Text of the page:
Fully Online
Instruction that is solely delivered by web-based or internet-based technologies. This term is used to describe the previously used terms distance learning and e learning.

Online with mandatory face-to-face learning on Campus

Online with optional face-to-face learning on Campus

Work-based Learning
Learning activities where the main location for the learning experience is in the workplace.

Campus(es) for Module Delivery
The module will normally be offered on the following campuses / or by Distance/Online Learning: (Provided viable student numbers permit)
Paisley:Ayr:Dumfries:Lanarkshire:London:Distance/Online Learning:Other:
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Term(s) for Module Delivery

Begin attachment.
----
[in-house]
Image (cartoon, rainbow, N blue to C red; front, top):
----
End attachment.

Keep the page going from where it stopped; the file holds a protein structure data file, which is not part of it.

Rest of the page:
(Provided viable student numbers permit).
Term 1check markTerm 2


Term 3


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Learning Outcomes: (maximum of 5 statements)

On successful completion of this module the student will be able to:

L1. Demonstrate practice of academic conventions.

L2. Examine crime and criminal behaviour from individual, sociological and political perspectives.

L3. Evaluate the strengths and weaknesses of different theories in terms of their ability to aid an understanding of crime in society.

L4. Demonstrate an ability to critically analyse a criminological theory through the use of film.

Employability Skills and Personal Development Planning (PDP) Skills
SCQF Headings During completion of this module, there will be an opportunity to achieve core skills in:
Knowledge and Understanding (K and U) SCQF Level 8.

Demonstrating a broad knowledge of the scope, defining features, and main areas of criminology.

Understanding of core theories, principles and concepts

Practice: Applied Knowledge and Understanding SCQF Level 8.